THE CENTRAL GULF REGION

The Central Gulf Region includes territory that corresponds to the center and south of Veracruz, limited by an extensive coastal plain that abuts the Gulf of Mexico to the east, as well as the Sierra Madre Oriental, Sierra Madre del Sur, Mexico’s Neo-volcanic Axis, the Chiapas and Guatemala sierras, and the Central American Range to the west, all of which generate a variable climate that ranges from tropical to mountain cold.
Coastal plain plant and animal life is made up of grasses, palms, mangroves, white cranes, kingfishers, gulls and pelicans. In the highlands, pine, encino oak, cedar and sacred fir predominate, and at 3200 meters above sea level, there are zacatonales, hare, squirrel, deer and cacomixtles. The forests feature palo mulato and amate trees. The sea provides edible species like bream, red snapper, robalo, pompano and dorado. Coastal lagoons support shrimp, oyster and crab. Finally, mountain foothills are home to maguey agaves and palms.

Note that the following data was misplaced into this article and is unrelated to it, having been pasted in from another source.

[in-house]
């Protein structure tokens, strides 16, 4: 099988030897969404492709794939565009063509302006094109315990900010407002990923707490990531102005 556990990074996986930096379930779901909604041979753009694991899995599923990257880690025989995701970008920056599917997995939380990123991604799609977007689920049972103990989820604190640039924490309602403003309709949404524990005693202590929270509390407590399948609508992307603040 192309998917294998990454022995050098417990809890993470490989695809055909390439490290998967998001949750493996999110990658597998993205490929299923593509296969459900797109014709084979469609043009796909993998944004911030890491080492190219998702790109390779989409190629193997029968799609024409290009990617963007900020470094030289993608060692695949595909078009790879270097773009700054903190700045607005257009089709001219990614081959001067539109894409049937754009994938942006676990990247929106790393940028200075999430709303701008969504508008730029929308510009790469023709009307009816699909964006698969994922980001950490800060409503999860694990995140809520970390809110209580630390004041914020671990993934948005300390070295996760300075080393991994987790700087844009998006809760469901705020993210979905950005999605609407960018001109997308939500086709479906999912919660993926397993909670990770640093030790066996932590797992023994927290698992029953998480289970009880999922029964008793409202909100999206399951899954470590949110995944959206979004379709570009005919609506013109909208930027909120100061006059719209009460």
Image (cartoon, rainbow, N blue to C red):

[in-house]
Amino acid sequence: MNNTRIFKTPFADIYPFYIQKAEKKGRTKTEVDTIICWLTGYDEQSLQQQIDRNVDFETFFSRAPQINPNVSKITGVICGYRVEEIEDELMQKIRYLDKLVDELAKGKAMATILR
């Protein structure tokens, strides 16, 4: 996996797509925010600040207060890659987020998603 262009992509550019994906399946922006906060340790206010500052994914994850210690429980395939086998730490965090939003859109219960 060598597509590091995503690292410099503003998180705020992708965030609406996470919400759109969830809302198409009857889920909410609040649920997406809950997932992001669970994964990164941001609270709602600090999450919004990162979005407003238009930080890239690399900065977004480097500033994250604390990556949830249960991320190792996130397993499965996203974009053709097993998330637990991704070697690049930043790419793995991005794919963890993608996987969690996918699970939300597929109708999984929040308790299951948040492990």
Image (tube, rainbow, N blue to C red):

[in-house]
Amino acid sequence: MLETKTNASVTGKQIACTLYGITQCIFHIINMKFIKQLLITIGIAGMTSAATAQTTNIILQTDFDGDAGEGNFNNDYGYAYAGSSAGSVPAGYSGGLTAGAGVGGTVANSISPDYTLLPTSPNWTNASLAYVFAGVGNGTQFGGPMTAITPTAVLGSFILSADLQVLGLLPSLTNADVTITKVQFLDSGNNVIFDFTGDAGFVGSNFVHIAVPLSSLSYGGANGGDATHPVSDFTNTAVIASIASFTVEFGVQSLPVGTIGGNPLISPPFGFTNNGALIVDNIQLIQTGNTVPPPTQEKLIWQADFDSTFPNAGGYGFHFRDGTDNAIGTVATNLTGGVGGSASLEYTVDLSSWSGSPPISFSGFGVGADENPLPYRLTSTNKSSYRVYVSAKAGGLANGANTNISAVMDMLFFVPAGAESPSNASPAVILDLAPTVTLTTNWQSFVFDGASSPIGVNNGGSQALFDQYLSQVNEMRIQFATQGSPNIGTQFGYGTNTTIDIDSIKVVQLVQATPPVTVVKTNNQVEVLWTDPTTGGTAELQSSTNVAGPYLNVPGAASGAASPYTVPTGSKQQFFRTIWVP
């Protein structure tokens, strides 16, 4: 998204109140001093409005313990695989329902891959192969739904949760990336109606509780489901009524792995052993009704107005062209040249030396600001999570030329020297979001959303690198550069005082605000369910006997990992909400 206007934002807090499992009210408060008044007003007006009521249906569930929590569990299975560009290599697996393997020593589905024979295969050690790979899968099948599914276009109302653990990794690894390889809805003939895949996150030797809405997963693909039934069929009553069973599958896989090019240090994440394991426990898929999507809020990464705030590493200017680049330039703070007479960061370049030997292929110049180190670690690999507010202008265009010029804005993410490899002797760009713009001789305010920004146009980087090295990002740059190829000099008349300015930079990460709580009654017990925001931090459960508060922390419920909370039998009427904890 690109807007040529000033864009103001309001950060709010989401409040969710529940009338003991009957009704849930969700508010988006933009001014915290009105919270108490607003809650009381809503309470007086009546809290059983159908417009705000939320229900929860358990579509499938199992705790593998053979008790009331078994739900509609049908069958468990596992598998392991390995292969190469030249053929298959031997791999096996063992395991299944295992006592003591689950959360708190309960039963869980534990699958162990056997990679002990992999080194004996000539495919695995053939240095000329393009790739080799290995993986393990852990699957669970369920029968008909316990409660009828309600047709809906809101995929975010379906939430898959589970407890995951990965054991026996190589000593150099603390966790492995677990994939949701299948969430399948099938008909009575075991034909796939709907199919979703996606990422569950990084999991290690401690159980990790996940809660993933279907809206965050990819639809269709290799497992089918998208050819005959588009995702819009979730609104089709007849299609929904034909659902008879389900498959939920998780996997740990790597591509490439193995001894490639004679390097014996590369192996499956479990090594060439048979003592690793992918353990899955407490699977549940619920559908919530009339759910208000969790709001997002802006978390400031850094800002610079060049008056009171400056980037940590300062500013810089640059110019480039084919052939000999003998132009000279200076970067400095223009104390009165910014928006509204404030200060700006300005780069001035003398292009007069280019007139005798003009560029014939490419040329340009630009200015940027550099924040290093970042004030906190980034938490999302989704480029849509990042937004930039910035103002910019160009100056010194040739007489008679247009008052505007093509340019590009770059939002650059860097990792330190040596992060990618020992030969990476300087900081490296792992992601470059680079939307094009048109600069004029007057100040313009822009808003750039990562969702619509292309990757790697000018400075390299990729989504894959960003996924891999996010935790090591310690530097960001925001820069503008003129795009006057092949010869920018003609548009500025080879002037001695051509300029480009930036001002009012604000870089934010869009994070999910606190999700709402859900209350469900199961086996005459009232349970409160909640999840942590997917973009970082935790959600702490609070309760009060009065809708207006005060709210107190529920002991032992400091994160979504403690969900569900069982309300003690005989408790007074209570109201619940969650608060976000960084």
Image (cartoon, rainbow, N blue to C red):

At this time the area’s principal economic activities include industry, especially that related to petroleum extraction and petroleum derivatives; trade via the area’s major ports, and agriculture. The importance of Veracruz’s industry is reflected in its percentage share of overall Mexican production in sectors such as the sugar industry, petrochemicals, agrochemicals, metallurgy, textiles, paper, breweries, fertilizers, machinery, cement and salt exploitation.
Its noteworthy agricultural products are coffee, mango, rice, pineapple, vanilla, sugarcane, citrus fruits such as orange and lime, bananas, beans and corn.

Recipes

Arroz a la tumbada
Fish veracruz style
Empanaditas de guayaba